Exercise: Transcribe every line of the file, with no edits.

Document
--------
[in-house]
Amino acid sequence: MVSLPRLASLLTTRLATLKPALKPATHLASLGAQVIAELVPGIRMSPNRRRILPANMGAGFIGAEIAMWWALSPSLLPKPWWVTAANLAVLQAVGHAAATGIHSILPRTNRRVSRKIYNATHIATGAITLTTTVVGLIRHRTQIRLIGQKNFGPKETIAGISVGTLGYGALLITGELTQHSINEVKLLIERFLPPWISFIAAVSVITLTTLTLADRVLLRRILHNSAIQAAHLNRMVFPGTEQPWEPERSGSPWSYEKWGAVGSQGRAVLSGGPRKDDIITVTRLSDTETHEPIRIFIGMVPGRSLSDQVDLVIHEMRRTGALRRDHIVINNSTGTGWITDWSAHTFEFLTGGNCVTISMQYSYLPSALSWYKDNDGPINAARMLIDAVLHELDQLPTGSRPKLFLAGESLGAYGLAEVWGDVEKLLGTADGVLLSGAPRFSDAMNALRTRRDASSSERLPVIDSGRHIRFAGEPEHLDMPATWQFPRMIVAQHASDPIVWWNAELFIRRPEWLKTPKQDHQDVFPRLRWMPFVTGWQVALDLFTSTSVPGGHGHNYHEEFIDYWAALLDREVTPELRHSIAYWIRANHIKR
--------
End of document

[in-house]
Amino acid sequence: MVSLPRLASLLTTRLATLKPALKPATHLASLGAQVIAELVPGIRMSPNRRRILPANMGAGFIGAEIAMWWALSPSLLPKPWWVTAANLAVLQAVGHAAATGIHSILPRTNRRVSRKIYNATHIATGAITLTTTVVGLIRHRTQIRLIGQKNFGPKETIAGISVGTLGYGALLITGELTQHSINEVKLLIERFLPPWISFIAAVSVITLTTLTLADRVLLRRILHNSAIQAAHLNRMVFPGTEQPWEPERSGSPWSYEKWGAVGSQGRAVLSGGPRKDDIITVTRLSDTETHEPIRIFIGMVPGRSLSDQVDLVIHEMRRTGALRRDHIVINNSTGTGWITDWSAHTFEFLTGGNCVTISMQYSYLPSALSWYKDNDGPINAARMLIDAVLHELDQLPTGSRPKLFLAGESLGAYGLAEVWGDVEKLLGTADGVLLSGAPRFSDAMNALRTRRDASSSERLPVIDSGRHIRFAGEPEHLDMPATWQFPRMIVAQHASDPIVWWNAELFIRRPEWLKTPKQDHQDVFPRLRWMPFVTGWQVALDLFTSTSVPGGHGHNYHEEFIDYWAALLDREVTPELRHSIAYWIRANHIKR